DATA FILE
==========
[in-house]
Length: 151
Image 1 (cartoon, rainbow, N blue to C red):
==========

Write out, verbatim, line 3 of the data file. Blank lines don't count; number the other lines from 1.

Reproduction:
Image 1 (cartoon, rainbow, N blue to C red):